Friday, October 30, 2015

Consul: Adding TLS to Consul using Self Signed Certificates

I'm currently working on setting up TLS for Consul. As of this writing, I'm still in the experimentation/set-up phase, but we plan to roll consul out into production with TLS support. So, this document may get updated but I wanted to capture what I had to do while it's fresh in my mind.

Consul's documents are a little light on specifics, which made this endeavor more difficult than I anticipated. I will post links at the bottom of this article. The following steps were used to create a self signed certificate on Centos 6.6. 

Make a directory to hold our files, create the certificate authority (ca) conf file, seed our index and create a cert index file:

> mkdir -p /opt/consul/ssl
> cat << EOF > /opt/consul/ssl/demo.conf
[ ca ]
default_ca = demo

[ crl_ext ]
# issuerAltName=issuer:copy  #this would copy the issuer name to altname

[ demo ]
new_certs_dir = /tmp
unique_subject = no
certificate = /opt/consul/ssl/demo-root.cer
database = /opt/consul/ssl/certindex
private_key = /opt/consul/ssl/privkey.pem
serial = /opt/consul/ssl/serial
default_days = 365
default_md = sha1
policy = demo_policy
x509_extensions = demo_extensions

[ demo_policy ]
commonName = supplied
stateOrProvinceName = supplied
countryName = supplied
emailAddress = optional
organizationName = supplied
organizationalUnitName = optional

[ demo_extensions ]
basicConstraints = CA:false
subjectKeyIdentifier = hash
authorityKeyIdentifier = keyid:always
keyUsage = digitalSignature,keyEncipherment
extendedKeyUsage = serverAuth,clientAuth
crlDistributionPoints = URI:

> touch /opt/consul/ssl/certindex
> echo 000a > /opt/consul/ssl/serial
> cd /opt/consul/ssl

NOTE: You may need this step to ensure the certs work with Consul. Edit the /etc/pki/tls/openssl.cnf file and add the following:


Below I have one way to make the change. Read more about extended key usage here:

> cp /etc/pki/tls/openssl.cnf  /etc/pki/tls/openssl.cnf.bak
> sed -i"" 's|# extendedKeyUsage = critical,timeStamping|extendedKeyUsage=serverAuth,clientAuth|' /etc/pki/tls/openssl.cnf

Generate the root certificate:

> openssl req -newkey rsa:2048 -days 3650 -x509 -nodes -out /opt/consul/ssl/demo-root.cer -keyout /opt/consul/ssl/private.pem 
Country Name (2 letter code) [XX]:US
State or Province Name (full name) []:New York
Locality Name (eg, city) [Default City]:New York
Organization Name (eg, company) [Default Company Ltd]:Demo Company
Organizational Unit Name (eg, section) []:Demo
Common Name (eg, your name or your server's hostname) []:
Email Address []:

Consul want's the certs and the servers to be server.<data center>.consul - just adjust the request below as I used dc1 as my datacenter. Generate a certificate signer request (csr):

> openssl req -newkey rsa:1024 -nodes -out /opt/consul/ssl/server.csr -keyout /opt/consul/ssl/server.key
Country Name (2 letter code) [AU]:US
State or Province Name (full name) [Some-State]:New-York
Locality Name (eg, city) []:New York
Organization Name (eg, company) [Internet Widgits Pty Ltd]:Demo Company
Organizational Unit Name (eg, section) []:Demo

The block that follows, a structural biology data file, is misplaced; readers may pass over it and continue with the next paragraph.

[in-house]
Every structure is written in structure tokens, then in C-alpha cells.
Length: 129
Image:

Common Name (e.g. server FQDN or YOUR name) []:server.dc1.consul
Email Address []:

Please enter the following 'extra' attributes
to be sent with your certificate request
A challenge password []:
An optional company name []:

Generate the self signed cert:

> openssl ca -batch -config /opt/consul/ssl/demo.conf -notext -in /opt/consul/ssl/server.csr -out /opt/consul/ssl/server.cer

To verify your certificate use the following command and make sure the "X509v3 Extended Key Usage" matches:

> openssl x509 -noout -text -in /opt/consul/ssl/server.cer
            X509v3 Extended Key Usage: 
                TLS Web Server Authentication, TLS Web Client Authentication

Now you can configure your consul server to use the self signed certs. These lines were take out of my consul.json file:

    "ca_file": "/opt/consul/ssl/demo-root.cer",
    "cert_file": "/opt/consul/ssl/server.cer",
    "key_file": "/opt/consul/ssl/server.key",

On your agents, you're going to need to specify the "ca_file" and set "verify_outgoing":true in your consul configs. 

If you get errors about trusting the signing authority, you will need to trust the demo-root.cer. To trust the root certificate on your server(s) do the following:

1. Install the ca-certificates package
2. Enable the dynamic CA configuration feature
3. Add it as a new file to /etc/pki/ca-trust/source/anchors/:
4. Use command:

> yum install -y ca-certificates
> update-ca-trust enable
> cp /opt/consul/ssl/demo-root.cer /etc/pki/ca-trust/source/anchors/
> update-ca-trust extract

Here are the documents I had to read:


brijan elwadhi said...
This comment has been removed by the author.
brijan elwadhi said...

Hi Russell Simpkins
I am trying to enable tls to the consul by following above steps, but its still showing me the same error
X509 certificate signed by unknown authority
can help me with this !!!!

Russell Simpkins said...


Did you execute the last 4 steps? Those last 4 steps need to be done on each server that intends to connect to the server with the self-signed certificate.

brijan elwadhi said...

HI Russell
I solved it by adding the CA certificate to the TLS trust store That is "/etc/pki/tls/certs/ca-bundle.crt" for centos 7
Thanks for your reply ... :)

Russell Simpkins said...

Glad you got it working. Step 4 is an alternative, suggested way to trust the certificate. I thought maybe I missed a step, but if you look at this post you'l see that you did the older way of trusting the certificate.